Organizational Climate and Teachers' Job Satisfaction in Residential and Non Residential Schools
Ong, Boon Puah (1997) Organizational Climate and Teachers' Job Satisfaction in Residential and Non Residential Schools. Masters project report, Universiti Putra Malaysia.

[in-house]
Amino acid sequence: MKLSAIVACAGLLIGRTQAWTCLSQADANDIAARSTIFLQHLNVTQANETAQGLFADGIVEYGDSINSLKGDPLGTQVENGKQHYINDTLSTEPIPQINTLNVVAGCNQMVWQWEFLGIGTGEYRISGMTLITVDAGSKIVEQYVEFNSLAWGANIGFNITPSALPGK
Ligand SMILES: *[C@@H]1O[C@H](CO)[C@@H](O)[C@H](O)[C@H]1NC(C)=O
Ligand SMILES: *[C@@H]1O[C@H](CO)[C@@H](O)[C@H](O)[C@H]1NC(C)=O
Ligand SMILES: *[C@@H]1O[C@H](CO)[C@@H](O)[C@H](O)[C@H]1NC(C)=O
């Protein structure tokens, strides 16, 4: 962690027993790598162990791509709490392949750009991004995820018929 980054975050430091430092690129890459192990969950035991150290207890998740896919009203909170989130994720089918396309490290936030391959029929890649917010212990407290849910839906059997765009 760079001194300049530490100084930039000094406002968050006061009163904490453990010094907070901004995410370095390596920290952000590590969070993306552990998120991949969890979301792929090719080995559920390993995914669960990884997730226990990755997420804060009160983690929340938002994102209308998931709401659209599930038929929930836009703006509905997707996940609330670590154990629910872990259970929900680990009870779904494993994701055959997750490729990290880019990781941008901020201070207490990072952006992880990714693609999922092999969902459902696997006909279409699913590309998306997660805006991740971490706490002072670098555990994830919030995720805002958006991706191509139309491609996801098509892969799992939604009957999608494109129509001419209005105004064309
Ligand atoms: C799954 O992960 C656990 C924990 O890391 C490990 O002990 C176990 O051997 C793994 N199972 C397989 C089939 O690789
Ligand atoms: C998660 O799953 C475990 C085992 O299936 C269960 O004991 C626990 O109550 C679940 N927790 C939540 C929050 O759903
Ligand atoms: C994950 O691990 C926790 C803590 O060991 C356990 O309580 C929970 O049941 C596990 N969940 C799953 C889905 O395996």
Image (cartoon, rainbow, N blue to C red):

The usefulness of teacher perceptual data in school organizational climate and job satisfaction research was illustrated by a study of two selected residential and two non residential schools in Kuala Lumpur. Seven school climate dimensions of mission and goal consensus, empowerment, student support, affiliation, professional interest, resource adequacy and work pressure were assessed by seventy teachers from residential schools and sixty four teachers from non residential schools. Comparisons of school climate in the selected residential and non residential schools revealed statistically significant difference on six dimensions, namely mission and goal consensus, empowerment, student support, affiliation, professional interest and resource adequacy. Teachers in the selected residential schools perceived more positive school environments than teachers in the selected non residential schools. The selected school teachers' job satisfaction were determined by two separate measures of facet specific and facet free job satisfaction. Comparisons of teachers' facet specific job satisfaction in residential and non residential schools revealed no statistically significant difference on teachers' intrinsic, extrinsic and social satisfaction. Nevertheless, comparisons of teachers' facet free job satisfaction in residential and non residential schools revealed statistically significant difference on all the five global measures of occupation satisfaction, occupation expectation satisfaction, present job satisfaction, re-entry and optional retirement decision. Teachers in residential schools were found to be more satisfied with their facet free overall job satisfaction. Analysis for the combined sample revealed that majority of the teachers were satisfied with their social satisfaction; only three out of ten teachers perceived high level of intrinsic satisfaction while seven out of ten teachers were dissatisfied with extrinsic satisfaction. The overall job satisfaction for the combined sample was only at the medium level. This study also revealed that majority of the combined sample only perceived highly of affiliation while the perceptions for empowerment, student support, professional interest, mission and goal consensus, resource adequacy and work pressure dimensions were only at the medium level.
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